Author Topic: Table Chest with Drawers  (Read 4876 times)

Tom M

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Table Chest with Drawers
« on: January 02, 2014, 09:20:36 PM »
I've been wanting to make this small chest for several years. I thought I understood the construction reasonably well, but in starting a drawing and looking at the picture from "American Case Furniture" I'm thinking I might be wrong.  I'm including a link to a PDF file I put together to try and explain my dilemma in more detail. Basically I assumed the front of the box had cut-outs for the drawers. But closer examination of the picture makes me think the front might be assembled from three pieces. If that is the case I can't figure out how it would be held together.

Any suggestions? (Yale would let me see the original but that's almost 400 miles away...)

https://dl.dropboxusercontent.com/u/74428001/Table%20Chest%20Question.pdf

Thanks,
Tom
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Jeff L Headley

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Re: Table Chest with Drawers
« Reply #1 on: January 02, 2014, 09:38:10 PM »
Tom, You have your front which runs down to above the drawer fronts with a center vertical grain drawer divider which is usually set in a rabbit ( not to be confused with a silly flea bitten varment) and your bottom which is hidden behind your front foot mold. On this small of chest your bottom might be fastened by many different methods. Your sides and back width ( heigth ) will be full size to your case size. Hope this makes sense.

Jack Plane

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Re: Table Chest with Drawers
« Reply #2 on: January 02, 2014, 09:48:58 PM »
This might make the construction clearer...
Regards, Jack.

Tom M

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Re: Table Chest with Drawers
« Reply #3 on: January 03, 2014, 10:58:16 AM »
Jeff and Jack,

Thanks for your quick replies.  Based on your input this is how I interpret the front and side assembly:

I made a set of hinges in 2005 for this project. My father was an ornamental iron worker between high school and the Army, and he directed me on it. He passed away several months later, and this was the first time we did iron work together since I was in high school - great memory.
Tom Meiller, SAPFM Member #684

Tom M

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Re: Table Chest with Drawers
« Reply #4 on: January 03, 2014, 10:59:00 AM »
Front assembly
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HSteier

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Re: Table Chest with Drawers
« Reply #5 on: January 06, 2014, 05:30:17 PM »
Hi Tom

The chest has the appearance of a blanket chest. But I assume that it is a miniature. What are the approximate dimensions?

Howard Steier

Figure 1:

Jack Plane

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Re: Table Chest with Drawers
« Reply #6 on: January 06, 2014, 08:23:08 PM »
Tom, the most common method that I have seen for attaching the base is to form a tongue along each end of the base (on the upper surface - in other words, just cut rebates along the underside) which is then glued into grooves in the sides. The dovetailed plinth helps keep it all together.
Regards, Jack.

Jeff Saylor

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Re: Table Chest with Drawers
« Reply #7 on: January 06, 2014, 08:52:04 PM »
Tom,

I've measured two miniature blanket chests that had 2 drawers as yours does. The one was done with the end grain exposed, exactly as your illustration suggests.  The other had vertical face grain pieces that I assume were glued into a tongue on the side piece because there are no visible fasteners, no evidence of mortise layout, and they are full thickness (1/2").   The middle stile on both are mortise and tenoned.
Jeff Saylor
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msiemsen

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Re: Table Chest with Drawers
« Reply #8 on: January 06, 2014, 09:02:51 PM »
I would expect the bottom was just nailed on and covered by molding. Your drawing would be nicer.
Mike Siemsen
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Tom M

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Re: Table Chest with Drawers
« Reply #9 on: January 07, 2014, 10:44:29 AM »
Howard,
The box is about 2 feet wide. Attached is a drawing I made several years ago. Now that I'm thinking it's time to start building it, I've been rethinking some of the details - as evidenced by my original post.

From the picture it does appear the end grain is exposed.

Mike,
If I understand you right you're thinking there is no front bottom face piece. The bottom of the box (secondary wood) could just be wider than the inside of the box? Can I assume the center stile would still be mortised into the bottom then?